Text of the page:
Three political prisoners arrested in the Bhima Koregaon-Elgar Parishad case have written a letter to the Chief Minister of Maharashtra, Uddhav Thackeray. The letter claims that father Stan Swamy, a tribal rights activist based in Jharkhand, did not die a natural death. “It was an institutional murder,” says the letter, signed by human rights lawyer Surendra Gadling, and cultural activists Ramesh Gaichor and Sagar Gorkhe, who were eyewitnesses to the treatment meted out to Swamy in prison.
Arrested in October 2020 under the draconian anti-terror law of UAPA, Swamy, aged 84, spent over eight months in prison before succumbing to a heart attack in July 2021. He was the oldest among the 16 prisoners arrested in the case, where they are accused of being linked with Maoists, plotting the assassination of Prime Minister Narendra Modi and triggering violent clashes at Bhima Koregaon war memorial -- 40 kilometres from Pune.
The allegations against them have allegedly been planted, according to reports.
Every year on January 1, tens of thousands of dalit-bahujan pilgrims gather at the war memorial of Bhima Koregoan. It commemorates the historic battle won by the British Army, which had a significant contingent of dalit soldiers, against the peshwas. For the dalit community, the battle signifies their fight against untouchability. Therefore, in 2018, on the 200th anniversary of the event, the crowd at the Bhima Koregaon war memorial was larger than usual. However, the gathering was assaulted allegedly by upper caste mobs belonging to Right-wing groups.
A day after the riots, Pune-based anti-caste activist Anita Sawale filed a complaint naming Hindutva leaders Milind Ekbote and Sambhaji Bhide as the “masterminds” of the attack.
Instead, the investigating agencies turned their focus towards the Elgar Parishad, an event held in Pune city a day before the violence, where several groups and activists vowed to “not vote for communal forces”.
The urban wing of Pune Police and NIA subsequently raided and arrested reputed human rights lawyers, scholars and activists.
Once arrested, Swamy’s health deteriorated rapidly in jail, where he died waiting for bail on medical grounds. Commentators, human rights defenders and political leaders had vehemently condemned his death, even calling it a judicial murder.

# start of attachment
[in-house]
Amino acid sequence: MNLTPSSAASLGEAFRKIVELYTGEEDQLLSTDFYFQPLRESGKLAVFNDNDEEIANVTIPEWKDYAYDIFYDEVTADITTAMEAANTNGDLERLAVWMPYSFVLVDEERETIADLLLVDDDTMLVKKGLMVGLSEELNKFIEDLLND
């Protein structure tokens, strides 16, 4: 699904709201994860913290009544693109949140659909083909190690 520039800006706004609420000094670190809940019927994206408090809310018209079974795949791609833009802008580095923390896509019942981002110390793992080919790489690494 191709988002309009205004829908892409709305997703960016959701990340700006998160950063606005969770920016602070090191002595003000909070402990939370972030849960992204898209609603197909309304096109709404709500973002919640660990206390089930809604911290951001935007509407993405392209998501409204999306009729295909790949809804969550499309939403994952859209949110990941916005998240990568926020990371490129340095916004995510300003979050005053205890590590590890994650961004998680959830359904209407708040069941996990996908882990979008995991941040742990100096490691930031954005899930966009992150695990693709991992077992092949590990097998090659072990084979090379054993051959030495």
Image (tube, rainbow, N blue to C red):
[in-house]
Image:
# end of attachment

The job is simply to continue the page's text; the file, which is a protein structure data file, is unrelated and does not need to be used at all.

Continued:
However, The Indian government, after Swamy’s death, said, “Authorities in India act against violations of law and not against legitimate exercise of rights. Because of the specific nature of charges against him, his bail applications were rejected by the courts.”
Now, as eyewitnesses to what went on inside the prison, three of his co-inmates at the Taloja Central Prison, located in the outskirts of Mumbai, have detailed the treatment meted out to Swamy in a letter to Thackeray. It is also copied to the home minister of Maharashtra, Dilip Walse Patil, Chief Justice of Bombay High Court and Human Rights Commission of the state.
“We are father’s co-accused in the case, and eyewitnesses to the conspiracy against him,” the letter, written two days after his death on July 5, 2021, says. “In our book, he didn’t die a natural death. It was a well-planned institutional murder. We are disturbed and sad at father's death. And we have decided to fast for a day as a mark of protest.”
The letter holds the superintendent of Taloja Prison, Kaustubh Kurlekar, responsible for Swamy’s death, and accuses him of purposely emasculating Swamy’s physical health and mental resolve by denying him proper treatment, keeping him in isolation when he needed help and stripping him nude in front of the whole staff while frisking him at the prison entrance.
“Father already had Parkinson's and a few other ailments when he was arrested,” the letter says. “His health seriously deteriorated in custody because Kurlekar ensured he didn’t get proper treatment in prison.”
Even when Swamy’s health had worsened, the letter says, there were restrictions imposed to transfer him to the hospital outside the prison. “He was denied necessary medicines and a straw-sipper to drink water,” the letter elaborates. “He desperately needed a helper due to Parkinson's. To ensure he doesn’t get any help from his co-inmates, he was kept in isolation. It was Kurlekar’s conscious attempt to emasculate him physically and mentally. To keep him away from his co-accused activists, there were three attempts made in four months to transfer him to Arthur Road Prison.”
When Swamy was brought to the prison from a medical check-up, he “was made to remove all his clothes in front of the entire staff” while being frisked at the gate. “It was an attempt to humiliate him,” the letter says.
The letter further states that Swamy’s stroke was a result of this harassment and he died due to negligence and lack of medical treatment, with demands of Kurlekar be charged with murder, and a judicial probe into Swamy’s death. It ends with a pledge: We request you to consider our demands so we and our co-accused don’t meet the same fate as father did.
At Swamy’s posthumous bail hearing shortly after his death, the high court bench said, “We have great respect for his work.” However, critics wondered why he couldn’t get bail if that was the case. In what turned out to be his final bail hearing, Swamy had, in fact, predicted his own death. "I would rather suffer, possibly die here very shortly if this were to go on," he had told the judges.
Kurlekar did not respond to this reporter when asked for a comment.